It’s a familiar scene: lights low, popcorn in hand, you hear something; your heart begins to race, your brow sweats, you grip into the armrest of the plush theater seat. The knife-wielding psychopath finally bursts into the scene, accompanied by a dissonant musical crescendo.
While most film composers probably do not have a clinical understanding of the human brain, the great ones have figured out how to manipulate our most primitive fight or flight responses. Paired with just the right visuals certain sounds and pitch combinations can involuntarily cause us to experience physical reactions that one would expect in moments of real life stress. In the spirit of Halloween, we thought we’d take a look at some of the musical devices that are used in scary movies to elicit the fear response.
Mastering the art of suspense is the first key to creating a scary soundtrack. When used in the right context, music can create a psychological state of dread and set the listener up for the inevitable startle effect. Avoiding melody altogether, instead relying on long tones or using short, repetitive melodic fragments can lead the listener to feel anxious. John Williams‘ theme to Jaws, with its famous two note motif is a perfect example, as is the theme to the Halloween films, which features a looping, ten note pattern that keeps listeners in a state of anticipation. (A little horror movie trivia: John Carpenter, who directed the Halloween movies, also wrote the theme)
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It was 1983; I was in seventh grade, a year equally filled with excitement and fear. It was the year that I left my left my Bay Area private school for public school, leaving a sheltered bubble behind for a school with scary looking longhaired kids in denim jackets, Mötley Crüe and Iron Maiden patches. It was the year that I would attend my first ever school dance.
Have you ever had an old song transport you back in time to the moment when it soundtracked an important part of your life? Pandora’s Class Of 1983 station not only reminded me how much awesome music was born 30 years ago – everything from Madonna’s eponymous debut to Slayer’s first album Show No Mercy – but a lot of these songs pulled me right back to the year I became a teenager.
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When you think about your favorite song what characteristics stick out to you? Perhaps you notice the vocal range of the singer, the tempo or maybe the type of instruments in the song. Do you consider the vamping harmony? …wait, what?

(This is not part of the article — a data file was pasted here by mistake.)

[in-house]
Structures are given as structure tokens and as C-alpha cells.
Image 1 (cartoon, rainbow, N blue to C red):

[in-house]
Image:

In the course of analyzing a single piece of music, our Music Analysts will consider upwards of 400 distinct musical characteristics, some straightforward, like tempo or the gender of a vocalist, and some more esoteric. For today’s blog post, I thought it would be fun to discuss one of the slightly arcane elements of the Music Genome that Pandora uses to help build your stations: Vamping Harmony.
In the context of music, a vamp is a short sequence of chords that gets repeated for an extended period. It can be used as a verb, as in “the band vamped while the singer made her way to the stage,” or as a noun, as in “the band played a short vamp while the singer made her way to the stage.”
Vamping harmony can be a good choice if your goal is to focus attention on other elements of a song, such as lyrics, or rhythmic groove. A good vamp can lend a hypnotic quality to music, especially when combined with some infectious rhythms. James Brown was a master at this. Check out his classic “Superbad, parts 1 & 2” for a great example. In this case, the band vamps on a single chord for nearly the whole song. Read More →
As a college student in the early-2000s I would kill time between classes by heading to the local record shop and scoping the overwhelming batch of new releases. I still remember that killer autumn of ‘03 when The Strokes, Elvis Costello, Belle & Sebastian and Outkast all hit. Many of these songs are still on heavy rotation for me – it’s hard to believe that was ten years ago! The fall of 2013 has the potential to be another memorable year for music across many genres. Everyone from Jay-Z to Jimmy Eat World, Hanson to Daft Punk released new material this year and that’s not it – there is a massive list of artists slated for end-of-the-year releases.
New music is set to drop from some of the industry’s biggest names this year: Lady Gaga, Katy Perry, M.I.A., Drake, Eminem, Justin Timberlake, Britney Spears, Miley Cyrus, Keith Urban, Sting, Elton John, Paul McCartney, Cher, Celine Dion, Chris Brown, Pusha T, Future, Kings of Leon, Pearl Jam, Arcade Fire and Arctic Monkeys. Joining this group of heavyweight releases are debut studio albums from some of 2013’s most talked about up-and-comers including Lorde, Haim and Icona Pop.
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Remember back in grade school when we all dreaded going back to school? There was all that back to school shopping, and then there was the very first day back in class when our shoes and backpacks were so new you could smell them a mile away.
Thankfully, we’re older now and we can do our own shopping. Or we can just put on the same stuff that we wore last year. But who wants to listen to nothing but last year’s hits? It’s way too soon to get nostalgic for 2012.